Waning confidence in banks

The crisis in Swedbank and revelations of questionable tax planning by Nordea has cost the banks dearly in terms of falling confidence.

A fresh “confidence in the banks barometer” shows that the confidence index for Nordea has slipped from 52 out of 100 at the start of the year to 32 this month, and the confidence index for Swedbank has fallen from 53 to 41.

“Confidence in the banks from the general public is initially very low. This applies in particular to dimensions such as ethics, societal responsibility and transparency,” says Tony Apéria, a research fellow at Stockholm University’s Business School, behind the barometer.

FSA eyes further measures

The Financial Supervisory Authority (Finansinspektionen, FSA) is already eyeing the next step in tackling Swedish household debt after the new amortisation requirement will start to apply on 1 June.

At a meeting with the press on Wednesday director general Erik Thedéen described the Swedish mortgage borrowing as car driving too fast on a motorway, and said, “We must slow down otherwise the risks will increase. We don’t know what could spark a crisis or a decline.”

The FSA will not tighten existing legislation, but the financial watchdog is currently analysing a proposal of a loan ceiling for borrowers of 600% of disposable incomes.

Nordea lent billions to oligarch

In an Uppdrag Granskning programme to be broadcast this evening, SVT will report that Nordea loaned three billion kronor, via mailbox companies set-up in tax havens, to the Kazakh oligarch Serzhan Shumashov, who is close to Kazakhstan’s autocratic president, Nursultan Nazarbayev.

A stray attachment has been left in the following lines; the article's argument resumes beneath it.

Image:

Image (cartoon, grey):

“This is as bad as it can be,” says Albin Rännar, head of market watch for the Swedish Shareholders’ Association (Aktiespararna).

Per Bolund, the minister for financial markets, says the revelations give “cause for concern”. He presumes that the Swedish Financial Supervisory Authority (FSA) will look into the allegations, as part of its investigation into Nordea following the Panama Papers leak.

Anger over EU plans against tax fraud

On Thursday the EU Tax Commissioner Pierre Moscovici presented the European Commission’s proposals to clamp down on tax fraud and corporate tax avoidance schemes, which he estimated costs the EU upwards of SKr 650 billion (70 million euros) per year.

Sweden’s Finance Minister Magdalena Andersson welcomes the proposal, while Krister Andersson, the Confederation of Swedish Enterprise’s tax policy chief, says the proposal goes too far, and warns that the proposals will entail higher tax for Swedish companies at the same time as tax revenue for the state will decrease.

“Swedish firms risk paying more since Sweden has a lower corporation tax than Germany, France and India. At the same time Swedish tax revenue will fall,” he warns.

Optimism among firms

The National Institute of Economic Research (NIER) published its economic tendency survey on Tuesday. The indicator climbed 1.6 points from 110.3 in December to 111.9 in January, with the manufacturing indicator rising sharply from 115.1 to 120.8.

Swedish firms continue to be confident about the economy. Consumers are more pessimistic than usual about the economy, but are more upbeat about their personal finances.